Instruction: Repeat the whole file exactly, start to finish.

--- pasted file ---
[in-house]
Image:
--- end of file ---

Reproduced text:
[in-house]
Image: